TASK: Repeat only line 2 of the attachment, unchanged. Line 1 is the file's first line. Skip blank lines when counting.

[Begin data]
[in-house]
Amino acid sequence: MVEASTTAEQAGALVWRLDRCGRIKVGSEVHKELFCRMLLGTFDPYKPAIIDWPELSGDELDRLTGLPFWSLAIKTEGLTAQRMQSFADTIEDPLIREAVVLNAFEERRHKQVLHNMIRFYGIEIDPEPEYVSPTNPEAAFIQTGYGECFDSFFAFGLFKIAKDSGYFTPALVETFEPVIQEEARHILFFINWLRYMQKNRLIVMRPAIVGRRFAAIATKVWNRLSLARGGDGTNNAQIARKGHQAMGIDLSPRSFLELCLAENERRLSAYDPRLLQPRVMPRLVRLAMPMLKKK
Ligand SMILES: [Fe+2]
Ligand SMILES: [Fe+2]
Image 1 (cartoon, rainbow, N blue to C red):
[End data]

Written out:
Amino acid sequence: MVEASTTAEQAGALVWRLDRCGRIKVGSEVHKELFCRMLLGTFDPYKPAIIDWPELSGDELDRLTGLPFWSLAIKTEGLTAQRMQSFADTIEDPLIREAVVLNAFEERRHKQVLHNMIRFYGIEIDPEPEYVSPTNPEAAFIQTGYGECFDSFFAFGLFKIAKDSGYFTPALVETFEPVIQEEARHILFFINWLRYMQKNRLIVMRPAIVGRRFAAIATKVWNRLSLARGGDGTNNAQIARKGHQAMGIDLSPRSFLELCLAENERRLSAYDPRLLQPRVMPRLVRLAMPMLKKK